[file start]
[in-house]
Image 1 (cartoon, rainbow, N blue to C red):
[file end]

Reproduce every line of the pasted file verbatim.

[in-house]
Image 1 (cartoon, rainbow, N blue to C red):